The interactivity induced by information and communication technologies has opened up opportunities in the fields of journalism, and in processes involving how public opinion is formed. However, it has also raised concerns. With regards to opportunities, the internet is seen as a channel that enhances the participation of citizens in the debate on public affairs and leads to improvements in political decision making processes. It is also expected of technology to develop language and journalistic narratives that increase engagement of audiences with the media. Concerns include the internet being seen as a channel that fragments the audience, levels poor quality information with good quality one, and polarizes the population’s political positions. In addition, general online consumer practices have placed the industry in a business model crisis.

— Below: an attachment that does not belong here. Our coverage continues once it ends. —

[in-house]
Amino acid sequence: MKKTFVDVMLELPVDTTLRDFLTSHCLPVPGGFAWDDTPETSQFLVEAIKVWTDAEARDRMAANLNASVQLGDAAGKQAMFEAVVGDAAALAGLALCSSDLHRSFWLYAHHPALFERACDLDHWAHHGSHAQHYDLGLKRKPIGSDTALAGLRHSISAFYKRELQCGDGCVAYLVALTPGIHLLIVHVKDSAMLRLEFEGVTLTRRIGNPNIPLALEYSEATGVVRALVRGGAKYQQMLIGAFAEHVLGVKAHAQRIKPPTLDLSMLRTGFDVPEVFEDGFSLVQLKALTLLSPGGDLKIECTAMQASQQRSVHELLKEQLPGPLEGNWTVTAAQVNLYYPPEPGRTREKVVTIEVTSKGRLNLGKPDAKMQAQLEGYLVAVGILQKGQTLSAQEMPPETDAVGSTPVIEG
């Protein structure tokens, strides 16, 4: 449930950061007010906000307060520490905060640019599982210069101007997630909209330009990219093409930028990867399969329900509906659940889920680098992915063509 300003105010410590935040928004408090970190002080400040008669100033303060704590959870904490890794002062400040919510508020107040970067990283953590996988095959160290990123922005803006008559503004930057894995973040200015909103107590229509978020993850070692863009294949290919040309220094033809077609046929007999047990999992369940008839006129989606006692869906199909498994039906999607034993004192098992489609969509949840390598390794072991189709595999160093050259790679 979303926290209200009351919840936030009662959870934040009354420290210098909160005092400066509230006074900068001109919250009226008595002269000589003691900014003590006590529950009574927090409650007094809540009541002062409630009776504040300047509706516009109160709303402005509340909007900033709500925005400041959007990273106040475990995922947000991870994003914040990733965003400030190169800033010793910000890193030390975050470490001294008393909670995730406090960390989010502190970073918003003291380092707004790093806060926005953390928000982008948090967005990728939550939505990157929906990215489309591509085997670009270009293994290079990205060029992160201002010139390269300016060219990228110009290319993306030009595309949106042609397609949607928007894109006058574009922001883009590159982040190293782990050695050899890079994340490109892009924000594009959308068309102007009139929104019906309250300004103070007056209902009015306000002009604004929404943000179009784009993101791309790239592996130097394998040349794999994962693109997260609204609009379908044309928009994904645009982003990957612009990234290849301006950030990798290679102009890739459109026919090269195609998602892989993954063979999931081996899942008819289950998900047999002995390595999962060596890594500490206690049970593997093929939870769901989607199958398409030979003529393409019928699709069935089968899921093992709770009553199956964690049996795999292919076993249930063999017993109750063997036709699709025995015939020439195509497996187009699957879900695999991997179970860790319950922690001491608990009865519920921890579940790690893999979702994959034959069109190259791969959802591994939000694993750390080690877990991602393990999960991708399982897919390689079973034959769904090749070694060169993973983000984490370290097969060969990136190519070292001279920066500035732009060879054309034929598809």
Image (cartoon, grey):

Within this scenario, the Digilab: Media Strategy and Regulation research group works as a laboratory of ideas for incorporating innovation into social communication media, as well as into the participation of citizens in the public sphere. It aims to answer important questions such as: what strategies are journalistic industries adopting in order to incorporate technological and narrative language innovation into their professional routines? What changes in regulatory frameworks would favor inclusive journalism? What are media audiences adopting with regards to information habits, appropriation of journalistic messages and participation in the public sphere?